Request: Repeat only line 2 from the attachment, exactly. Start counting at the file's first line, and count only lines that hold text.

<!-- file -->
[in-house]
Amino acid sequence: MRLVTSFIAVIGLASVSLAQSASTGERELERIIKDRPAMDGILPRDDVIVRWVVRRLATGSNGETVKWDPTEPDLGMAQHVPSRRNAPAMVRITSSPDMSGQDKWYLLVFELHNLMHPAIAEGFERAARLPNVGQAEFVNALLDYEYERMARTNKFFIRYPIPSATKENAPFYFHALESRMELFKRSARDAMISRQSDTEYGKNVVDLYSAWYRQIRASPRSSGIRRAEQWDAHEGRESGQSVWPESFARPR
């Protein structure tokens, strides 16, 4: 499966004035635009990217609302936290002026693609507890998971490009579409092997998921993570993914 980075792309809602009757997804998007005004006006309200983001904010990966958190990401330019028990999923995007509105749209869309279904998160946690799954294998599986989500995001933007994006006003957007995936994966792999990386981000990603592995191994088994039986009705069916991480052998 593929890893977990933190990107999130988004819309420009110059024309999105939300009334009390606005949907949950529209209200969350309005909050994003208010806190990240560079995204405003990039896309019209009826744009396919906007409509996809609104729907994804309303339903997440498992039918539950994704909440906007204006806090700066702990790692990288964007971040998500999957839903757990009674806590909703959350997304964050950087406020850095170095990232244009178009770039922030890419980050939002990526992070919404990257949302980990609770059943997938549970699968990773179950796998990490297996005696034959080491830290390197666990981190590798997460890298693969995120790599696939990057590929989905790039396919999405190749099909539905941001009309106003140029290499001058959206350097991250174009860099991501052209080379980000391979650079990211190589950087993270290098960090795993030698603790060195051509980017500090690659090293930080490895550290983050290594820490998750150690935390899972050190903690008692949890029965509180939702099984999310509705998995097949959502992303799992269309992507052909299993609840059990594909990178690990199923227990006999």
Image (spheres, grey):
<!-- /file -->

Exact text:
Amino acid sequence: MRLVTSFIAVIGLASVSLAQSASTGERELERIIKDRPAMDGILPRDDVIVRWVVRRLATGSNGETVKWDPTEPDLGMAQHVPSRRNAPAMVRITSSPDMSGQDKWYLLVFELHNLMHPAIAEGFERAARLPNVGQAEFVNALLDYEYERMARTNKFFIRYPIPSATKENAPFYFHALESRMELFKRSARDAMISRQSDTEYGKNVVDLYSAWYRQIRASPRSSGIRRAEQWDAHEGRESGQSVWPESFARPR